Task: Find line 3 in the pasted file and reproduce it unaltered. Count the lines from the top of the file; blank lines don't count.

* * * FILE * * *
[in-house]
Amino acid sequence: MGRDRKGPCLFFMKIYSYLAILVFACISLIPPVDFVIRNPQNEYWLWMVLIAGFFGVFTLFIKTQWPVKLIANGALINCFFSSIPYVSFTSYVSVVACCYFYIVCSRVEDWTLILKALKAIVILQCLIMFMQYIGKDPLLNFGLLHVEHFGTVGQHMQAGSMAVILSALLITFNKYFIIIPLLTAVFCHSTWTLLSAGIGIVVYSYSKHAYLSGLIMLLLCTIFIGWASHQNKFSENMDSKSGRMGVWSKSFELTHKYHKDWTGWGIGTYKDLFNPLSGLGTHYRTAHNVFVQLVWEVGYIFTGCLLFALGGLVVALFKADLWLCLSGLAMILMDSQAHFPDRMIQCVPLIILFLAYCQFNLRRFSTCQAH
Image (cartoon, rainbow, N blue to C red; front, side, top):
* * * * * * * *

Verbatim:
Image (cartoon, rainbow, N blue to C red; front, side, top):